Browsing named entities in The Daily Dispatch: February 9, 1865., [Electronic resource]. You can also browse the collection for Branchville (South Carolina, United States) or search for Branchville (South Carolina, United States) in all documents.

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s movements in South Carolina: "A dispatch from Broxton's bridge, about half past-seven o'clock Wednesday night, says: 'The enemy advanced to-day across Whippy swamp, driving our cavalry on our left six miles to this place. They are supposed to be in heavy force. A column of cavalry is on the Augusta road, moving rapidly Her some unknown point.' "Another dispatch states that the enemy had possession of McBride's bridge. Skirmishing was going on in front of Broxton's bridge. Kilpatrick, with one brigade of cavalry, is reported moving in co-operation with the Seventeenth army corps. There can be no doubt the enemy is trying to reach Branchville. All was quiet at Salkebatchic. "A dispatch from Adam's run. February 2d,, says: 'The enemy came up in two barges to Young's island yesterday about noon and drove in our picket. They fired several buildings and plantations and retired this morning. There are three steamers off White Point, and a landing is threatened.'"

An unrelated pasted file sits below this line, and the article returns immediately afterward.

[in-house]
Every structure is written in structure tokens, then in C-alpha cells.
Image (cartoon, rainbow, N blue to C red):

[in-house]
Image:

nds to hospitable graves. Considering the obstinacy of the fight of Monday, and the length of its duration, the number of casualties on each side was unusually small. This is accounted for by the fact that the battle was fought on densely-wooded ground. We lost few prisoners, and took few.-- Sixty-seven, belonging to the Sixth corps, captured during the fight, were received in the city yesterday. From South Carolina. Again on yesterday it was reported that Sherman had taken Branchville, but nothing in confirmation of this was received at the War Office. Gold. No transactions of consequence took place in the gold market yesterday.--Brokers are not anxious to sell. The negro Soldier scheme. The Confederate Senate, in secret session on Tuesday, by an overwhelming majority voted down Mr. Brown's resolution instructing the Military Committee to report a bill putting two hundred thousand negro soldiers in the army.--This puts this vexed question at rest, at